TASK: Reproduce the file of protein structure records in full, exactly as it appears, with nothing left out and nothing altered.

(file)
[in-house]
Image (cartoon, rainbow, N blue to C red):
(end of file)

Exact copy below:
[in-house]
Image (cartoon, rainbow, N blue to C red):